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How to Enjoy Fall Even if You Are Not a Hiker

by Patressa Kearns

“The secret of life is enjoying the passage of time
Any fool can do it
There ain’t nothing to it
Nobody knows how we got to the top of the hill
But since we’re on our way down
We might as well enjoy the ride”

– James Taylor, “Secret O’ Life”

Shenandoah National Park has more than 500 miles of hiking trails, including 101 miles of the famous Appalachian Trail. No doubt about it, this park is a hikers’ paradise. But not everyone aspires to climb Old Rag Mountain or trek to and from a waterfall, no matter how refreshing the view or mountain stream at the end of the journey.

This national park is for everyone — hikers, sure, but also campers, picnickers, motorists, and those who simply want to spend a little quiet time in a mountain lodge or cabin, enjoy some good food and drink, or shop for a few well-crafted souvenirs. Just as there are some who feel the need to immerse themselves in Shenandoah’s autumn by always being on a Park trail, there are others—maybe you’re one of them — who just want to dip a toe (so to speak) in the Shenandoah fall experience, without diving in head first.

We’re here to tell you: that’s perfectly OK. There are plenty of other ways, besides hiking or climbing the side of a mountain, to positively revel in fall in this Blue Ridge Mountains national park.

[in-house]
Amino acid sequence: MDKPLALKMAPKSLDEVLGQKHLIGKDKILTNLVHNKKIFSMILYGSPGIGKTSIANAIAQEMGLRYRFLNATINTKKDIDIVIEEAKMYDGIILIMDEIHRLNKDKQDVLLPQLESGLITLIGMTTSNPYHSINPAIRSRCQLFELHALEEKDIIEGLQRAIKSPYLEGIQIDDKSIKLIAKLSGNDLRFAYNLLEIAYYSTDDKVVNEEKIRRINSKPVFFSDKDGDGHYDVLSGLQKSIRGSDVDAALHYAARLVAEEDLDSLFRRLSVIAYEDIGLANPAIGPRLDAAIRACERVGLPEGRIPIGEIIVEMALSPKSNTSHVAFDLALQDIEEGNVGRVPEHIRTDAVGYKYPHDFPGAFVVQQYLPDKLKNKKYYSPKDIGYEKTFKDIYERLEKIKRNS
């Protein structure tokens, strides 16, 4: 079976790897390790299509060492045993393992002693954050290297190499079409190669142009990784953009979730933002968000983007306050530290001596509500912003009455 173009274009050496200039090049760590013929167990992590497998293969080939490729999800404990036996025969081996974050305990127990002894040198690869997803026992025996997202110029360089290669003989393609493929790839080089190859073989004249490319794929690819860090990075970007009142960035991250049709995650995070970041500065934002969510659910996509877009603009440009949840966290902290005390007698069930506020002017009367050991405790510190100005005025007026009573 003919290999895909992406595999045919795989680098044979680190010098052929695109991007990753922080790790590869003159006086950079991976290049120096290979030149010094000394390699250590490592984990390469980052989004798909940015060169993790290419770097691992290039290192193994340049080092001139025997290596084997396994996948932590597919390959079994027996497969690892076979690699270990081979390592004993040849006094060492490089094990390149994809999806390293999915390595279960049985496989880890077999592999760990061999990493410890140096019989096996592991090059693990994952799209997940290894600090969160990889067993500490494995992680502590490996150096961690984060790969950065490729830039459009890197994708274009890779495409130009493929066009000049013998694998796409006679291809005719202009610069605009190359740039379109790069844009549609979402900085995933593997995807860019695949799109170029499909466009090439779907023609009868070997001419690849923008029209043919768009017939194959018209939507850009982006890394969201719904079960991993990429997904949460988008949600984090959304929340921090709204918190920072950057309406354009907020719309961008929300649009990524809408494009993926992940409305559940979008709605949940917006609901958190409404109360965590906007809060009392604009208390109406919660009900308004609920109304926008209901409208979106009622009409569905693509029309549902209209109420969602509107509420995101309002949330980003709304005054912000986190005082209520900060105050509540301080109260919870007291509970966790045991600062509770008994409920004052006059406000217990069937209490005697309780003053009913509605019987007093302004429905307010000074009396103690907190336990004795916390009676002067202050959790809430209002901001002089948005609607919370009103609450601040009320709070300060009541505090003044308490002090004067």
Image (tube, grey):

Drive Skyline Drive – This is possibly the best way to relish fall in Shenandoah! Skyline Drive has nearly 70 scenic overlooks, most of them stupendous. Some overlooks even have shady areas big enough for you to have a picnic. There are accessible spots at most overlooks for a wheelchair. Some overlooks feature low-profile waysides so you can learn a little about the area you’re gazing onto. Overlooks are some of the best spots for photography, birdwatching, even doing a little yoga. And the drive itself–there’s something astounding around every turn!

Skyline Drive’s speed limit is 35 mph, mostly for safety reasons — always be on the lookout for wildlife — but the low speed limit does force you to slow down and enjoy the ride. This is no time or place to be in a hurry.

Have a picnic – Shenandoah has seven lovely picnic grounds, with in-ground grills, restrooms, and plenty of shade.

Stay in one of the Park’s lodges or cabinsSkyland Resort, Big Meadows Lodge, and Lewis Mountain Cabins are perfect for relaxing, with rustic yet comfortable rooms (some have valley views), dining rooms that offer excellent local cuisine, and tap rooms with full bars. You can enjoy fall quite admirably, thank you very much, from the lodge dining rooms, as both offer views of Shenandoah Valley.

Go to a ranger program – Ranger talks and walks are happening through October. Ranger talks require only a sit down and listen, maybe a chair and a blanket if they’re happening at night. Pick up a copy of the ranger program schedule at visitor centers or check it out on the Park’s website.